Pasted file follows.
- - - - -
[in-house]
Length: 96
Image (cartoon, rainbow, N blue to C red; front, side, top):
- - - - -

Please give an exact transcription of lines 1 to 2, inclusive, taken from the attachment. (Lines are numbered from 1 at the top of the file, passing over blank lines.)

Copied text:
[in-house]
Length: 96